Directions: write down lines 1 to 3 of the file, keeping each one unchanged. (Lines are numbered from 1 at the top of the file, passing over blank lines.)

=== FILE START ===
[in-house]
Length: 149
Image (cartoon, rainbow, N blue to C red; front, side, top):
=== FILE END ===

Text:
[in-house]
Length: 149
Image (cartoon, rainbow, N blue to C red; front, side, top):